Crazy Shit From Rogue Trader That Is (Probably) Now Retconned
- Hrud as SPESS SKAVEN
- Half-eldar librarians
- Half-naked Custodians (this is where the meme came from, folks!)
- Heretic Ultramarines. Specifically, in 1st Edition the original Ultramarines were traitors who were banished to the Eye of Terror after the Horus Heresy, and the current Ultramarines were a Third Founding chapter given the name, gear, and holdings of the former traitors to replace them. They were also a fleet-based chapter until the First Tyrannic Wars.
- Macragge was a Death World with little native terrestrial life and horrible dust storms
- Marneus Calgar was originally a prisoner of war rescued from a Tyranid prisoner camp (yes, Tyranids had prisoner camps), and the Gauntlets of Ultramar had Jokaero Digital Weapons built into them.
- Genestealers and Tyranids were completely unrelated xenos. Also Zoats
- Tyranids weaponry also looked a lot more Slaaneshi than in current editions.
- Space Marines could be inducted at much later ages than in current lore. Apothecary Hulm Singa was inducted at the "relatively early" age of 14, and Marneus Calgar wasn't inducted until he was 21.
- Necrons as "Chaos Androids", though with very little lore (the C'tan weren't created until 3rd Edition).
- Leman Russ wasn't a primarch, but instead was just another Space Marine commander. Also he looked like a fricking Mechanicus adept and lived in M32.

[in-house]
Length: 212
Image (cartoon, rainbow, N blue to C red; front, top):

- Space Marines were all mind-wiped, hypno-indoctrinated criminals, psychopaths, and mass-murderers, not just the Night Lords. And they were also more like cops on the job eating donuts than ascetic warrior monks. Also marines dancing.
- Female Space Marines! Ok, so they weren't actually Space Marines, but there were two "Female Power Armor Trooper" minis (hilariously named Gabs and Jayne). They appeared to perhaps be mercenaries rather than affiliated with any one faction directly. Specifically, they appeared in one third-party Rogue Trader scenario, but even then, they were noted as being very rare. Apparently, no further follow-up models of this type were crafted because boys in the 1980's weren't interested in buying minis of female characters. Oh, how times have changed. In a sense, these two models could perhaps be considered the great-great-aunts of all subsequent female power armor figs in 40k, most notably the Sisters of Battle.
- The two missing primarchs are mentioned as having "probably" supported Horus during the Horus Heresy. Probably, because the deeds of the lost legions are said to be lost to history.
This was once a deodorant dispenser. With a little love, a little labor, and a little time in the Aspergarium, one can create a thing of true beauty.
SQUEEEEEEEEEEEEEECH .... Mad Max, dorf edition
An ad for Rogue Trader Space Marine models, circa 1988. Features Brother Craig, aka "Johnny", the prophet of /wip/.
Yes, the Salamander's original colors were this positively funky tiger-stripe camo-scheme from hell.